Football head coach Willie Taggart reaches settlement in $125 million lawsuit over the hospitalization of three players at Oregon in 2017

Taggart and former Oregon strength coach Irele Oderinde reached a confidential agreement with Doug Brenner, who filed the lawsuit against them.

Cameron Priester, Sports Editor

FAU football head coach Willie Taggart reached a settlement with former Oregon offensive offensive lineman Doug Brenner in a lawsuit that involved Taggart over a set of workouts at the University of Oregon in 2017 that led to the hospitalization of three players. 

“I’m extremely sorry for the incident that transpired, but I’m happy that a lot of ‘Truths’ came out during the proceedings. Now, my total focus is getting back to our FAU Football Family, and our student-athletes,” said Taggart, according to ESPN on May 5. 

In January 2019, Brenner filed a $125.5 million lawsuit against Taggart, former Oregon strength coach Irele Oderinde, Oregon, and the NCAA. He was seeking over $25 million in damages from the two coaches and the university when a workout hospitalized him shortly after Taggart became head coach at Oregon in 2016.  

According to the lawsuit, Taggart and Oderinde led the workout that lasted for 60-90 minutes, where the staff “did not make water available in the workout room for at least the first day of the workouts.” This led to Brenner as well as tight-end Cam McCormick and offensive lineman Sam Poutasi being hospitalized and diagnosed with rhabdomyolysis, which is damaged muscle tissue releasing its protein and electrolytes into the bloodstream which can cause permanent heart and kidney damage.

The lawsuit also stated that during the workout, players in groups of 40 were expected to do “10 perfect push-ups in unison,” where if one player was out of sync or did not use perfect technique, the entire team had to do additional exercise or start over.

Brenner, McCormick, and Poutasi rejoined the team following their hospitalizations, and Oderinde, who Taggart hired for the same position at Florida State University in 2018, was suspended for a month without pay by the university. ESPN reported that the incident also caused the university to change its reporting system, with the strength coach now answering to the director of performance and sport science instead of the head coach.

Besides Oderinde’s suspension and the reporting change, Oregon did not take any further action. 

When the law firm of Kafoury and McDougal filed the lawsuit on Brenner’s behalf, Taggart and Oderinde claimed that while the workouts were excessive, they were intended as team-building exercises, not as punishment. 

According to the Oregonian, Oderinde even apologized to Brenner during his testimony.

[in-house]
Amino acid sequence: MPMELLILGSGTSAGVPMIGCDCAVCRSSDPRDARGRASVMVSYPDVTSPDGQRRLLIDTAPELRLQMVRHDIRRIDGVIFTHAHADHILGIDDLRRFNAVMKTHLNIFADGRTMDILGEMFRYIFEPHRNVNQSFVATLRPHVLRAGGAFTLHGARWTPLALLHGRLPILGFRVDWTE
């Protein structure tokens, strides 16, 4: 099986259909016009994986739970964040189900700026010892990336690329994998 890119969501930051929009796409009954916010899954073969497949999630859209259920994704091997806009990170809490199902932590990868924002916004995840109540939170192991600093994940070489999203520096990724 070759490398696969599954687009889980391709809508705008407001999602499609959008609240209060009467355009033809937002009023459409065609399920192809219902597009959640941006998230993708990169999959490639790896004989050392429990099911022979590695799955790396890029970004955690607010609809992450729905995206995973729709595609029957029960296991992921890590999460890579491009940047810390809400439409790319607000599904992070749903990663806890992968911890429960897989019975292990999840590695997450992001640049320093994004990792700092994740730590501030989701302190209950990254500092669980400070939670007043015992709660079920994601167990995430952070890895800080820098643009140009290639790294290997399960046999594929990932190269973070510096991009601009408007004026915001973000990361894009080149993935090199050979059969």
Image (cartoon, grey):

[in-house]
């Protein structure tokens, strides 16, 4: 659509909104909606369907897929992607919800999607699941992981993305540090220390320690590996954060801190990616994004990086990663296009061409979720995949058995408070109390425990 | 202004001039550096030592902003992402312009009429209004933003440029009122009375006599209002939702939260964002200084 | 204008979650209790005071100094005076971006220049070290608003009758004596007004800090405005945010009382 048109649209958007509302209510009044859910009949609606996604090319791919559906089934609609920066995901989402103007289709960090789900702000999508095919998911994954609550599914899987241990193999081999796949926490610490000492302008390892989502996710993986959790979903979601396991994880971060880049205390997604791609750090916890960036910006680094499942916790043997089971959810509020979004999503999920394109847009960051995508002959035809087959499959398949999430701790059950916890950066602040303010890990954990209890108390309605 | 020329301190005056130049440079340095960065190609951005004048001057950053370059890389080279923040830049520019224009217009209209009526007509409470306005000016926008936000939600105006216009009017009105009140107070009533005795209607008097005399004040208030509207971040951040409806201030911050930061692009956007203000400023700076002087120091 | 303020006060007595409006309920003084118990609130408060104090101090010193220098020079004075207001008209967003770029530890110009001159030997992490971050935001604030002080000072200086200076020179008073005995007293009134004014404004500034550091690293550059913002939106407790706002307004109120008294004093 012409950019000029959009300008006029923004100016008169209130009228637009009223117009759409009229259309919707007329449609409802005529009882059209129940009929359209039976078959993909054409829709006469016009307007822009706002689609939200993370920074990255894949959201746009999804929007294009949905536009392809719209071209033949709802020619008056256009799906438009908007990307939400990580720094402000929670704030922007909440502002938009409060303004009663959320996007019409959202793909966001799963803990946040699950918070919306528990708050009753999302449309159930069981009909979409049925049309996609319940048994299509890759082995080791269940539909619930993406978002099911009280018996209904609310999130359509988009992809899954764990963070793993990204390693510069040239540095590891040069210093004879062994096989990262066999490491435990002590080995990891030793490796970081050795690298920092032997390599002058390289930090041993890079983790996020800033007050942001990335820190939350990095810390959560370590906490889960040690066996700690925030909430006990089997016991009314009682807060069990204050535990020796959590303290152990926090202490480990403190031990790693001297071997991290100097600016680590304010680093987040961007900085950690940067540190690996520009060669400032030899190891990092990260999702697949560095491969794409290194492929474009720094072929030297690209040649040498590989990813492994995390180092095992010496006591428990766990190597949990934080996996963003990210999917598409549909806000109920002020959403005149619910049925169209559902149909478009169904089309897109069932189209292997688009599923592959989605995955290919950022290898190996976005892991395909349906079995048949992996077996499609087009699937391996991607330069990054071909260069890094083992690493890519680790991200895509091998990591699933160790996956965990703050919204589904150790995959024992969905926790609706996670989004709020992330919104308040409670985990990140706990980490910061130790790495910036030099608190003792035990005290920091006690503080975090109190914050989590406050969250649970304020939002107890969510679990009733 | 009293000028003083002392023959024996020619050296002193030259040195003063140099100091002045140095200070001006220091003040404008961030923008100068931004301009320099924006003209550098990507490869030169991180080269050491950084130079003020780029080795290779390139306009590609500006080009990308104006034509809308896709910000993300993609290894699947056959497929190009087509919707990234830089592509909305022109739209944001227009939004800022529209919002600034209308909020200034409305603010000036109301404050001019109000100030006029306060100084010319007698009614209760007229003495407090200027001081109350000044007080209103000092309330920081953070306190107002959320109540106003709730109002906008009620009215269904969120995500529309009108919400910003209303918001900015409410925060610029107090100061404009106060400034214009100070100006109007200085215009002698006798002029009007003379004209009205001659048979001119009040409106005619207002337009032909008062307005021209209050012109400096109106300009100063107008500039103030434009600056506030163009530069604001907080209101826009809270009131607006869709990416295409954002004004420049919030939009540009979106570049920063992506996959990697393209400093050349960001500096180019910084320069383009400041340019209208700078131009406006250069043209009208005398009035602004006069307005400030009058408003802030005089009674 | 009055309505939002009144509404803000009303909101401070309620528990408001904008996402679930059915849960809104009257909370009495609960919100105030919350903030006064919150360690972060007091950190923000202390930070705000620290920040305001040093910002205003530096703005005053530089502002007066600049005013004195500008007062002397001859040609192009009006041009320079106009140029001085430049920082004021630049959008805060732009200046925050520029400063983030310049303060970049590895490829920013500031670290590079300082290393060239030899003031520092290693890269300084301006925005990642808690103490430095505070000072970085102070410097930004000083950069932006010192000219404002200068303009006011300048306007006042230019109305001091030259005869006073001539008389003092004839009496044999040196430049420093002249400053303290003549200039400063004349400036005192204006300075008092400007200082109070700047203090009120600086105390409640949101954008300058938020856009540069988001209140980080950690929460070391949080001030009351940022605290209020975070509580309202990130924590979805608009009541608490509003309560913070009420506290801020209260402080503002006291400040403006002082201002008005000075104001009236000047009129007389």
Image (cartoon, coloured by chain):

I feel like I owe him a public apology. Doug, to you, your mother, your sister, to Sam (Poutasi), to Cam (McCormick), I’m sincerely sorry,” Oderinde said. “It was not my intent. Not by any means. The person that I am and I think you know. That wasn’t my intent and I’m sincerely sorry for that.” 

On May 5, attorneys announced in court they would be dismissing Taggart and Oderinde as defendants and that Brenner and the University of Oregon had reached a confidential agreement to settle the case.

Despite the dismissal of the two coaches, Brenner and his legal team maintained that they would still be seeking the $100 million in damages from the NCAA, arguing that they “acted with malice or has shown a reckless and outrageous indifference to a highly unreasonable risk of harm” by not having any rules or regulations set in regards to over-exerting players during workouts. 

The NCAA argued that it does not have the authority to pass health and safety bylaws, and that member schools and conferences are responsible for players’ health and safety. However, the court ruled the following day against Brenner as the jury stated that they found the NCAA negligent, but would not be awarding Brenner any of the damages he was seeking.  

According to ABC, Brenner’s legal team said they will appeal the May 6 ruling. “To have a case of this magnitude decided on such a technicality is a tragedy. If the NCAA doesn’t change rules, they’re looking at a lot of future lawsuits because we’ve shown in the case that they were on notice and that if they don’t act now, then they really are reckless.” 

The UP reached out to FAU Athletics for comment but did not receive a response by time of publication. 

Cameron Priester is the Sports Editor for the University Press. For information regarding this or other stories, email [email protected] or tweet him @PriesterCameron.